How Internal Reflection Can Set You Up for External Success

How Internal Reflection Can Set You Up for External Success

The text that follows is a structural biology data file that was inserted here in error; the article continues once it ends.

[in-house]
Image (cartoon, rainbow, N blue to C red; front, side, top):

My introduction to meditation was one of the most important moments in my life. I learned about a technique called “so-hum” by reading Deepak Chopra’s book “The Spontaneous Fulfillment of Desire.” I was quickly hooked on the simple process of breathing and chanting. Before long, I had signed up for a 10-day silent meditation retreat. Meditation allows me to do the impossible: to detach from my identity and be reborn on a daily basis. Until I started to meditate, I had no idea how much our sense of identity leads to stressful situations in our professional lives. We often let expectations rule our reality, focusing on the external rather than the internal. We become obsessed with cause rather than effect. I now focus less on business achievements and instead define success as contribution of self — a shift from “What’s in it for me?” to “How can I help?” Internal reflection can help anyone achieve fulfillment daily. Cause and Effect A little more than a year ago, a good friend of mine was working as the CEO of a successful firm when he received a phone call telling him he would have to file for bankruptcy as a result of a failed arbitration case. We talked a lot during the months after that call. What surprised me was how resilient and upbeat he was whenever we spoke. Instead of feeling victimized, he adopted a solution-oriented approach and framed his misfortune as opportunity. My friend was able to help his company rebound because he didn’t let the turbulence in the business define his identity. He spent a lot of time thinking about his internal values and purpose. Within the office, he was a lighthouse in the middle of a storm. His attitude, resiliency, and ambition fueled his company’s salvation. The Path to Mindfulness Inner reflection is different for every person, but I have found the most success in my pursuits by practicing the following routine: Empty your mind: Spend about 15 minutes recording your thoughts. You may do that through journaling or voice recording. Use the exercise to clear up the cloudy parts of your mind. Meditate: After journaling, take another 15 minutes to relax and focus on your breathing. You should aim to unpack your mind and make space for new thoughts and ideas. Visualize: Spend the next 10 minutes visualizing your day. Picture what you need to do and how you want things to go. This practice allows you to live your day twice and have awareness when key moments occur. Focus: At some point in your day, take time to completely focus on an otherwise routine activity such as making the bed or showering. Pay attention to every detail that goes into it. This final step will help you prepare your thought process for the more difficult decisions you will make later in the day. There are many different ways to implement mindfulness into your life, whether you’re spending time in nature or taking a yoga class. The benefits of inner reflection are real only if you find a way to embrace them, though. Focus on being your best self, and you will naturally become a peerless professional.

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